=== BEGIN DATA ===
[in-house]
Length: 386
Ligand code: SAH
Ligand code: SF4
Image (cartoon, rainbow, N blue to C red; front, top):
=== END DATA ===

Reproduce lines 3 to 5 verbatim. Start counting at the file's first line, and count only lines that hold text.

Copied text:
Ligand code: SAH
Ligand code: SF4
Image (cartoon, rainbow, N blue to C red; front, top):